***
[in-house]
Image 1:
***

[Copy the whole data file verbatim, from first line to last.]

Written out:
[in-house]
Image 1: